The only numbers I’m interested in is percentage growth (or loss). So far since January I have made a 32% profit despite a large closure of a draw down that was dragging since last year.
Last year I made $54954 for the whole year, which looks worrying, but in terms of percentage gains, I actually grew 96% from the start of 2016. (Started 2016 with about $57012.69 in profit) That, to me, is a performance that may happen only once in a life time.
So right now, as we close towards half the year, I’ve grown the account further by 32%. If the gods of compounding are smiling on me, I may be able to increase it higher, because I took a big hit this year.
So, it is possible to trade for a living? Yes. It’s like asking, is it possible to invest for a living? We sure hear plenty of legendary investors who just enjoy passive income and capital appreciation. But what most people don’t realize is that to trade/invest for a living, you need capital. Not everyone has that kind of capital to grow a sizable profit.
But they can focus on the percentage gains. And that’s all that matters.
This is the number that is important, more important than the monthly take. So far, this year, on average I make $6000 a month. Sure, I would give myself a $6000 salary every month, but that won’t make me rich. Because right now, the percentage growth per month is at 5.3%, which to me is average. But I’m quite happy with it, considering I trade very conservatively with only 1-2% of my capital per trade, and that big drawdown that I managed painfully through.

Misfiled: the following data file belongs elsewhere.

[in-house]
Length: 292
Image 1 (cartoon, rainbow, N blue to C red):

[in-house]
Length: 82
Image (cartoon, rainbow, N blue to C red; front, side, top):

I don’t think I’m beating the stock market right now, I don’t know but I’m not caring about it. I only care about my own percentage growth, and I want to see the percentage growth go steadily higher, hopefully. As much as I aim to have a 10% per month growth, I’m not aggressive, I’m chill, I’m Casual. And why stop at 10%? I’m just focusing, month by month, on how to improve. There is always something to improve, and just this month of June, I’ve discovered so many mistakes.
And you can see the results for yourself. Focusing on the process, then after maybe 6 months or so, take a step back to review your overall performance, you’ll be able to see how the focus on process has reaped rewards, or, if the process has no improvement, the numbers will tell you.
Focus on the process. Not the goal. Looking at the goal makes you miss a step. You might fall. But focus on the path, and before you know it, you’re way past the goal you set for yourself.